“The ‘WannaCry’ attack is an example of the type of damage that can be caused to any system of a mission-critical nature when specific vulnerabilities exist within that system due to legacy infrastructure,” he adds.
So the NHS was both a highly vulnerable target due its legacy infrastructure, and a highly desirable target because of the very valuable patient data contained within the system, and according to RepKnight CEO Tim Haynes, there were warning signs that “something as big as ‘WannaCry’ was going to happen”.
“The opportunity simply needed to be there,” he says. “Everyone knows that the NSA ‘cyber weapons’ toolset [where ‘WannaCry’ originated] is out in the wild now. Cisco and other big vendors have been patching their systems to prevent a compromise – and Microsoft released a patch and some mitigation advice in March 2017 for its Server Message Block (SMB), which was the vector used in the ‘WannaCry’ attack.
“As for why the warning signs weren’t acted upon, the NHS is a hugely financially constrained organisation. Justifying spending more on cybersecurity at the expense of patient care is a very tough choice to make – but it’s something that the NHS now can’t afford to ignore.”
Indeed, following the NHS attack, the Government was criticised for failing to invest in the IT infrastructure and Prime Minister Theresa May has pledged to invest more heavily in cyber protection.
But since then there have also been a number of questions surrounding this latest email hack of parliamentary email accounts, mostly focused on the strength of passwords and why proper procedures were not in place to ensure passwords were as strong as they could have been.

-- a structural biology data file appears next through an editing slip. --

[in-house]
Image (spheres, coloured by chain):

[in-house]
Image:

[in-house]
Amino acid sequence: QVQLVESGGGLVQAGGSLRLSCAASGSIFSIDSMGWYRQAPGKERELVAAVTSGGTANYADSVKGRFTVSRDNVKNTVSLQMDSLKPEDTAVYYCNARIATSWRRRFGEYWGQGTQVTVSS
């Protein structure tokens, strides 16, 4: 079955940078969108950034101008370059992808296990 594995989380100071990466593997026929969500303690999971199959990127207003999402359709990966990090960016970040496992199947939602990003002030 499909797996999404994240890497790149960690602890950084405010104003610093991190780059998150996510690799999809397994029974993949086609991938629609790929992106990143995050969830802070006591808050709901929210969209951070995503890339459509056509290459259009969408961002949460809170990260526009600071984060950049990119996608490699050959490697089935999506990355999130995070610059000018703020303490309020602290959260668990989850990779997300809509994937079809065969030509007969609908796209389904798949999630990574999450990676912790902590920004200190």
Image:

Kroll Managing Director, Cybersecurity & Investigations, Andrew Beckett, commented: “The attack launched against the British parliament reinforced the need for careful audit of the implementation of security policies and procedures and the need for a digital devil’s advocate to question the decisions being taken and their implementation. The perpetrators used a fairly unsophisticated brute force attack which attempted to guess the passwords of the 9000 MPs, Peers, and parliamentary aides and assorted other staff who use the system. The parliamentary authorities tell us that the fact that less than 100 accounts (about one per cent) were compromised was because the compromised users didn’t follow the security policies regarding passwords put in place for their protection and the protection of other users.
“What is less clear is why such lax security controls were allowed and why it wasn’t picked up during routine security testing of the system.”
“In the case of Friday’s attack against the Parliamentary Systems, we are told that policies were in place requiring robust passwords but it’s not clear why the accreditor and regular security checks hadn’t identified that the password policy was being flouted by some users. There are numerous ways of technically enforcing strong passwords and any Chief Information Security Officer in a corporate environment would be checking this as a matter of routine. If it turns out that personal information relating to users or worse, constituents has been compromised by the breach, we can expect the Information Commissioners Office to be taking a close look at why this failure wasn’t picked up earlier.”
Vectra Networks’ Matt Walmsley adds that the “chronic talent shortage” facing the cybersecurity industry is similarly difficult to ignore.
“The sector is starved of new talent entering the workforce,” he comments, “with demand set to exceed supply by a third in the next two years. There is an abundance of entry-level security jobs yet not enough talent to fill them. Even if a tier-one position is filled and training invested, higher salaries and more senior roles mean they are typically poached before the end of their first year. The situation will not change any time soon and will impinge on the ability of organisations to nurture crucial deeper data skills and security experience.”
The government is taking steps to rectify the problem however. The establishment of the National Cybersecurity Centre is just one example of an organisation that aims to educate and advise organisations as to how to approach cyber security.